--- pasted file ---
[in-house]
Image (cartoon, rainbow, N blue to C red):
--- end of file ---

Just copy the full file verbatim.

[in-house]
Image (cartoon, rainbow, N blue to C red):